If there’s one thing I’ve noticed since we started producing extra virgin olive oil, it’s that many of us are limited in our ideas of how to use high-quality olive oil. The first thing we think of is cooking and drizzling, but there is so much more. In this post, we’re going to talk about baking with olive oil. “Whaaaa??” you might be thinking. Trust us; there are a few great reasons to give it a try.
- Olive oil contains healthier fats and polyphenols, which butter does not.
- Olive oil imparts a delicious depth of flavor to baked goods.
- Because olive oil is liquid at room temperature, it lends a moistness to baked goods, which butter does not.
- It’s great for vegans who want a dairy alternative that isn’t plain old vegetable oil.
- You can switch up the flavors by using different EVOO varieties. Peppery oil goes great with chocolate desserts and savory bread like focaccia. Fruity or citrusy olive oils work well with lighter cakes.
Below we’ve shared a recipe contribution from food and wine writer Katie Gomez of Gonzo Gastronomy. While in college, Katie took a job with Wine Enthusiast magazine, where she began her love affair with wine. After graduating, she pursued a career in marketing but continued to travel, explore, learn, and write about food and wine. In 2008 she started her blog—Gonzo Gastronomy—which grew rapidly, gaining worldwide readership that included several industry icons. At its most popular, the blog received up to 10,000 unique hits each month and was respected as being one of the best-written wine blogs on the Internet. For eight years, Gonzo Gastronomy was a personal, unapologetically subjective take on the best and worst of food and drink. After a hiatus, Katie is now back at writing…and eating…and drinking, all while putting together a cookbook/memoir that will be a personal, unapologetically subjective take on all things epicure. This recipe will be featured in that book! She suggests using a fruitier olive oil for this cake. Eh hem, we’re looking at you, Originale.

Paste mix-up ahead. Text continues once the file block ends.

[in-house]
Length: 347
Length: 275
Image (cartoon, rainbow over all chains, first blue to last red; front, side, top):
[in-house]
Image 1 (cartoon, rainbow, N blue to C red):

Olive Oil & Sweet Wine Cake with Hazlenuts
1 cup of shelled hazelnuts
6 large eggs
3/4 C sugar
1 C flour
3/4 C cake flour
1/4 tsp salt
1/2 tsp baking powder
1/2 C strong, extra-virgin olive oil*
1/3 C regular olive oil
1 tsp orange extract
1/2 C dessert wine**
1/2 tsp cream of tartar
Preheat the oven to 350F/176C. Spread the hazelnuts on a baking sheet and toast in the oven for about 8 or 9 minutes, moving them around a couple of times to make sure they don’t burn. Take them out, let them cool a few minutes (leave the oven on), then throw them into a kitchen towel, bundle them up in the towel, and rub it all vigorously to loosen the skins. Use your fingers to rub off whatever remains but don’t kill yourself…if some of the nuts refuse to give up their skins, you’ll be fine. Toss them in a Ziploc, seal it, and beat them up with the flat side of a meat tenderizer until you have nice, even small chunks.
Separate the eggs and let them come to room temperature. In the meantime, brush a 9” springform pan with olive oil and line the bottom with a circle of parchment. Then oil the top of that paper as well. In the bowl of a stand mixer fitted with the whip attachment, beat the egg yolks and sugar until the mix is thick and pale. In a separate bowl, sift together both flours, the salt, and the baking powder.
Change the mixer to the paddle attachment and beat in both olive oils and the orange extract. Once combined, mix in the dessert wine. Fold the flour mixture into the batter in 3 additions, blending gently just to combine. Fold in the crushed hazelnuts.
In a separate bowl, whip the egg whites until frothy. Add the cream of tartar and whip to medium-stiff peaks. Fold the whites into the batter in three stages, then scrape the batter into the pan. Bake in the center of the oven for 25 – 30 minutes. It should spring back when lightly touched and a thin wooden skewer should come out clean when inserted in the center. Let cool on a rack for 10 minutes before trying to remove the side of the pan. Top with plenty of confectioner’s sugar when serving.
Obviously this is best served with a glass of the same dessert wine you used in the recipe, but it also goes fabulously with some Frangelico (to complement the hazelnuts) or some Grand Marnier (to complement the citrus notes).
**Please, for the love of booze, do NOT throw some cheap stuff in here. You don’t need to spend $50 on the wine either, but you want something with a lot of character like a Vidal icewine or Sauternes, so that the honeyed, fruity flavors come through.
Recipe and photo, courtesy of Katie Gomez